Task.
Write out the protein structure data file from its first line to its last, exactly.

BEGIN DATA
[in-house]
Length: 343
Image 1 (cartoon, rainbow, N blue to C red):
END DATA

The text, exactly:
[in-house]
Length: 343
Image 1 (cartoon, rainbow, N blue to C red):